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Once upon a time, Aesop told us, there was a dog walking happily home with a chop in its mouth. Passing a pond, he saw on the surface his own reflection. Mistaking it for another dog, and wishing to have that dog's chop, too, he opened his mouth to wrest away the prize-only to watch his own chop fall into the water.

The moral?

General Motors is stupid.

Over the past few years, thanks substantially to a charming campaign from Angotti, Thomas, Hedge, New York, called "Find your own road," Saab has built its sales from 18,783 cars in 1993 to 28,354 for 1997. But GM, the principal owner of the Swedish company, is dissatisfied with being a niche brand marketed, like Dr Pepper, to the iconoclastic few.

With the baby boom graying, promising a large opportunity for the upper-middle and luxury segments, the brain trust in Detroit has decided incremental growth from a modest base will not do. It must grow dramatically. It wants its own 28,354 chops, and BMW's 119,314, too.

Never mind that niche player Mazda, having similarly tried to expand its market share, contrived "Passion for the road," one of the more spectacular pratfalls in auto marketing history-an episode so disastrous that the successor campaign now brags that it is a niche brand. Never mind that Volkswagen, having for years floundered as a mass-market brand in the U.S., narrowed its target to Generation X and watched U.S. sales soar.

No, this is General Motors we're talking about, the marketing colossus that sold 1.49 million Chevys, Buicks and Oldsmobiles here in the 1997 model year, vs. only 1.9 million in 1995. So they dumped Angotti, ditched the refreshing and psychographically cunning "Find your own road" and hired the Martin Agency, Richmond, Va., to grab the meat from the competition.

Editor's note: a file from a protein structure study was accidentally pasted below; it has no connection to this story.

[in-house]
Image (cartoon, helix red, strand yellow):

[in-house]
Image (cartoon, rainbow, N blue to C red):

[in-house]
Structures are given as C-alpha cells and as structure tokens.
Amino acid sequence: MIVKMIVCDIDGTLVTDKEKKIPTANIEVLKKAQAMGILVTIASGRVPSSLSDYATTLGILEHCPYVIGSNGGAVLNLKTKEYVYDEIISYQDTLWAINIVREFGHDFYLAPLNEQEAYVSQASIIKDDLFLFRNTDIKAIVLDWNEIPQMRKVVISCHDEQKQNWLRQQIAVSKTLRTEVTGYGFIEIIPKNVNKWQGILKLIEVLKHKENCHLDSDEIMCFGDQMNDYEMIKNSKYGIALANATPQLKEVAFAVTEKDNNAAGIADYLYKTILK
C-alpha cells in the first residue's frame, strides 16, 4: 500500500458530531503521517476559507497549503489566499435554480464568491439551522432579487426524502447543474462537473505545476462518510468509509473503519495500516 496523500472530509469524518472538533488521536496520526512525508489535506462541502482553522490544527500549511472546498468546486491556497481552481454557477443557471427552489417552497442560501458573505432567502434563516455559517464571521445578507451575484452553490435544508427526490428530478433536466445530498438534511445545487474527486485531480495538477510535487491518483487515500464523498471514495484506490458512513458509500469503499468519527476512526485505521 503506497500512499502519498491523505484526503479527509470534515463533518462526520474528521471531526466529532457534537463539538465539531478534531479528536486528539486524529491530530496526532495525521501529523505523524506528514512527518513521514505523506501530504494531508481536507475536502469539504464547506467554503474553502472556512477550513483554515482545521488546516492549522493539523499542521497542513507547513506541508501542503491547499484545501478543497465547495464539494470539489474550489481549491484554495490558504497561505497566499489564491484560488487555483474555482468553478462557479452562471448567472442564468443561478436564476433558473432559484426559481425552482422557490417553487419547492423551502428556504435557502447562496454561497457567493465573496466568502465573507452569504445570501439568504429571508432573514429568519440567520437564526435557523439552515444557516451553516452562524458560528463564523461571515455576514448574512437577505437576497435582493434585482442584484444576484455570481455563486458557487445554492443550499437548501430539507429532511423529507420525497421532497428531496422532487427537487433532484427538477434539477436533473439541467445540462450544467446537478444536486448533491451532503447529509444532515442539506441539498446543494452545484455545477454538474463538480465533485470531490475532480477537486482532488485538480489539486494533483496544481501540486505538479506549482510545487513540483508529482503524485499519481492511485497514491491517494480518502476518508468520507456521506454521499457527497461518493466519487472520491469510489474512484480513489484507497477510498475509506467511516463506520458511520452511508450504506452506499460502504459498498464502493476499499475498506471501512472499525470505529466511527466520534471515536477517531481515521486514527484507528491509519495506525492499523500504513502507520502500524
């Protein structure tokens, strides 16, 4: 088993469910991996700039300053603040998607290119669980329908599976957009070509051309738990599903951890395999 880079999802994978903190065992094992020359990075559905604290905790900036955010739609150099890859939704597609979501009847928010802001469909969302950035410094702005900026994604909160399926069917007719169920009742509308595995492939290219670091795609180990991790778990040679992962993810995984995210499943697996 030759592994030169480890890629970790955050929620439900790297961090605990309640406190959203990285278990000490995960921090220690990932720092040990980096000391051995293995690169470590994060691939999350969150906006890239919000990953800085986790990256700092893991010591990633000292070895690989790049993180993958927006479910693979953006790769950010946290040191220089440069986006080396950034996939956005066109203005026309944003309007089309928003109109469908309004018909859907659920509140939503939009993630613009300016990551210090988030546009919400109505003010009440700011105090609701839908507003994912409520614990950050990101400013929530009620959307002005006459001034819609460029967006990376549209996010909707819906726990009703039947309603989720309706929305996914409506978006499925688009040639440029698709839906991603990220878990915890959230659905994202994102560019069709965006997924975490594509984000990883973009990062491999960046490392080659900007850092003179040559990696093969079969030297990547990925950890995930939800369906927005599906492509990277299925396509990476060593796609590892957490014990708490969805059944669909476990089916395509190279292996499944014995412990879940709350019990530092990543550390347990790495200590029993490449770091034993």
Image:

One of the new Martin spots, which looks exactly like the new BMW campaign, shows a Saab, in black and white, tooling through some volcanic landscape with the shroud of dusk threatening to overtake it. But, to the swelling chorus of Mozart's Requiem, the driver punches it into fourth and outruns the sunset.

The second shows a 900 Turbo speeding down an aircraft carrier deck-intercut with images of air traffic control. It accelerates to 60 mph in 6.5 seconds, then comes to a stop at the water's edge.

To admire its reflection? No.

"Just a little something," the voice-over says, "we learned from Saab fighter planes."

Ah, deja vu. Ten years and three agencies ago, Saab also talked about its fighter heritage. But nobody much cared, because:

a) There's not much technology that jet aircraft and sports sedans have in common. General Electric makes CT scanners, but they don't mention them in their dishwasher ads, do they?

b) Even if there were a credible connection, this isn't exactly the first name in warplanes. While no doubt Saab Aerospace is keeping Sweden safe from the looming Norwegian threat, it's not going to persuade anybody to stay out of a BMW. When McDonnell Douglas comes out with a five-speed coupe, then we can talk.

These commercials aren't dreadful, but there isn't a single frame in either of them that stands out, and speaks to consumers, like every single moment of "Find your own road."

Aesop, this tale may not be. But soon enough, thanks to GM's hubris, this

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